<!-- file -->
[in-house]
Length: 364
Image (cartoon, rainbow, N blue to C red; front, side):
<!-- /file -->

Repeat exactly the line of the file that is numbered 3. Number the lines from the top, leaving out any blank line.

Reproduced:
Image (cartoon, rainbow, N blue to C red; front, side):